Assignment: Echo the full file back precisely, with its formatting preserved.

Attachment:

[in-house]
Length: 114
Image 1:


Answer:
[in-house]
Length: 114
Image 1: